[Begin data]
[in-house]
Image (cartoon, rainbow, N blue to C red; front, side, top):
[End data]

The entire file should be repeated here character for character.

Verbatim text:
[in-house]
Image (cartoon, rainbow, N blue to C red; front, side, top):